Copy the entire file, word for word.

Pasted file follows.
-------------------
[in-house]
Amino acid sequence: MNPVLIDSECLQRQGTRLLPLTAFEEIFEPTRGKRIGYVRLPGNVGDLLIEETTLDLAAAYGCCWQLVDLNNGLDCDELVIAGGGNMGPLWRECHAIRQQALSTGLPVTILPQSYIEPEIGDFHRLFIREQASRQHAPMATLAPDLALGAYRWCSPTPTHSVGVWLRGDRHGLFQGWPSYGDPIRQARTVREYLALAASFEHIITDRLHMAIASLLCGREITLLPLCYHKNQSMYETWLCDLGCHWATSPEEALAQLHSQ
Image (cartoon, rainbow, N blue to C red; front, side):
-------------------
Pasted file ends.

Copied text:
[in-house]
Amino acid sequence: MNPVLIDSECLQRQGTRLLPLTAFEEIFEPTRGKRIGYVRLPGNVGDLLIEETTLDLAAAYGCCWQLVDLNNGLDCDELVIAGGGNMGPLWRECHAIRQQALSTGLPVTILPQSYIEPEIGDFHRLFIREQASRQHAPMATLAPDLALGAYRWCSPTPTHSVGVWLRGDRHGLFQGWPSYGDPIRQARTVREYLALAASFEHIITDRLHMAIASLLCGREITLLPLCYHKNQSMYETWLCDLGCHWATSPEEALAQLHSQ
Image (cartoon, rainbow, N blue to C red; front, side):